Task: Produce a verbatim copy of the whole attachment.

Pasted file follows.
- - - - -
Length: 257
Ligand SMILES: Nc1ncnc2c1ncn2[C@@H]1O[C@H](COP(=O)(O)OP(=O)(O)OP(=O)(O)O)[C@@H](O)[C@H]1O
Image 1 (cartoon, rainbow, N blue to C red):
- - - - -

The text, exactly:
Length: 257
Ligand SMILES: Nc1ncnc2c1ncn2[C@@H]1O[C@H](COP(=O)(O)OP(=O)(O)OP(=O)(O)O)[C@@H](O)[C@H]1O
Image 1 (cartoon, rainbow, N blue to C red):